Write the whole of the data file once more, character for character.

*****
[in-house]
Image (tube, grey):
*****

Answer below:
[in-house]
Image (tube, grey):